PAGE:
Volume XLI, No. 35 | September 19, 2019
Workforce Development: How Do We Prepare Students for The Workforce?
Each time a school term ends, I wonder if I have prepared my students appropriately for the workforce in their selected field. Could I have done more? How can we best prepare our students for life after graduation?
For the past ten years, I have been teaching online at Purdue Global, formerly Kaplan University, in the health sciences department. This segment of teaching has grown into an established program with many job opportunities. As the program has grown, so too have the number of students in the classroom. In an effort to provide hands-on experience to supplement required classes, we introduced a practicum component to our courses.
We first began to implement this component after the Purdue University Global Advisory Board, which consists of industry employers, indicated the importance of a practicum or job shadowing course for our billing and coding certificate program. Around that time, we realized that many of our students planned to work from home after graduation. In reality, most entry-level positions in billing and coding are in medical offices or facilities. The practicum offers students real-world job experience, an opportunity to network with future employers, and a more accurate expectation of their post-graduation work life.
The faculty at Purdue Global provides guidance and support to students one or two terms before the practicum course begins as an orientation process. The orientation is in PowerPoint format, giving students easy access to the information and step-by-step guidance. The orientation makes the job shadowing expectations clear and helps students begin preparing before starting their practicum.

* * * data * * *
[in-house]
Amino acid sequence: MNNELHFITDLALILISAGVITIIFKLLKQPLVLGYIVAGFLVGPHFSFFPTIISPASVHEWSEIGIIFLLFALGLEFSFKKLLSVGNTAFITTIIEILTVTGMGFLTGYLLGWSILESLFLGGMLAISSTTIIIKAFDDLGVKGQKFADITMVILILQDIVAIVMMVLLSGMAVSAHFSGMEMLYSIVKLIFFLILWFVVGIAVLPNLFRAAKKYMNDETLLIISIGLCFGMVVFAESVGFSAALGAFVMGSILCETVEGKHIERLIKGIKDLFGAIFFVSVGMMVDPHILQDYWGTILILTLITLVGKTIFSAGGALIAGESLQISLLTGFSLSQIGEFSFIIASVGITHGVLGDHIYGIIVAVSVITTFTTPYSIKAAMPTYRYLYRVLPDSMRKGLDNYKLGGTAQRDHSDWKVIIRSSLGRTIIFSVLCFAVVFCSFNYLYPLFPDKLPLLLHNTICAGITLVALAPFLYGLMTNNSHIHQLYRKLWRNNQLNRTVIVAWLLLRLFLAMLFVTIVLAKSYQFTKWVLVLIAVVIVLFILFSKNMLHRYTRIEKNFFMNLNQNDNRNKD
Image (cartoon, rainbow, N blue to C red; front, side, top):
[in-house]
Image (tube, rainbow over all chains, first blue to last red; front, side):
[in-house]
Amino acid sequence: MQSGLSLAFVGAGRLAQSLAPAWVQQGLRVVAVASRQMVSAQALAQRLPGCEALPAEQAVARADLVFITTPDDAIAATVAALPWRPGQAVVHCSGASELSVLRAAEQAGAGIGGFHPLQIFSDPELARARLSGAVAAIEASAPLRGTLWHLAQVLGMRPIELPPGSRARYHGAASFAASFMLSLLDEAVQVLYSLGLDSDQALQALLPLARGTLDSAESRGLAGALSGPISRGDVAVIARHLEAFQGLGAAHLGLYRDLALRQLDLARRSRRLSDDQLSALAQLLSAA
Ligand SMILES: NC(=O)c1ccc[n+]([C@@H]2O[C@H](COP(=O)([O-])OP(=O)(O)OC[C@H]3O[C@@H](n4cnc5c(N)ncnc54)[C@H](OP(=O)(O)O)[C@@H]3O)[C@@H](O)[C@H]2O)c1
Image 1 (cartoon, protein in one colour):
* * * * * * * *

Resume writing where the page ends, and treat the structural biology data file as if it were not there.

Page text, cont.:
First, the students arrange to job shadow in the billing and coding department of a physician’s office or a medical facility for 40 hours. This hands-on experience helps them understand what occurs during the day-to-day operations of the organization. The Career Services department, along with a clinical placement team, helps provide students with the tools and guidance necessary to succeed in finding a placement. However, it is up to students to find their individual practicum site.
The practicum gives students the opportunity to introduce themselves to the potential organization and develop a professional relationship with potential employers. It has resulted in students being offered a job prior to, or after they have completed, their job shadowing.
When we introduced the practicum to students, we did encounter push back. Since our students are adult learners and have family obligations, some felt they would not have time to complete the practicum. Some students also lived in rural areas far from possible practicum sites and did not have access to transportation. In addition, we did not anticipate the complex paperwork. Practicum sites require an affiliation agreement before the practicum can start. This became a challenge for some students who did not pursue the affiliation agreement with their instructor.
We worked to resolve these challenges by offering help from Career Services and the Clinical Placement team. However, students who were unable to complete the practicum did not earn the points. Although this does not result in a failing course grade, it does cause the grade point average to drop.
Recent statistical data have indicated that 90 percent of our students have completed the practicum. The 10 percent that did not are a result of the factors indicated above.
After students complete their practicum, the Assistant Dean sends a thank you note to the practicum employers with a link to a survey to evaluate the students and the practicum program. We have received mostly favorable responses, and several students have been hired by their practicum site. I can’t say all my students have achieved success, but I hope that I have “sent them off” with the knowledge they will need for the workforce.
Occasionally we hear from former students about their job search, and these updates keep me motivated and reinforce that we are on the right path.
Developing a workforce program is beneficial to students because it prepares them for success. It is designed to provide real-world experience as well as networking opportunities. It is not an easy task to find a job that is a good fit for students and employers. However, with a successful workforce program, the students are better prepared for the challenges of seeking employment after graduation.
Kathleen A. Sobel, Adjunct Faculty, School of Health Sciences
For more information, contact the author at Purdue University Global, firstname.lastname@example.org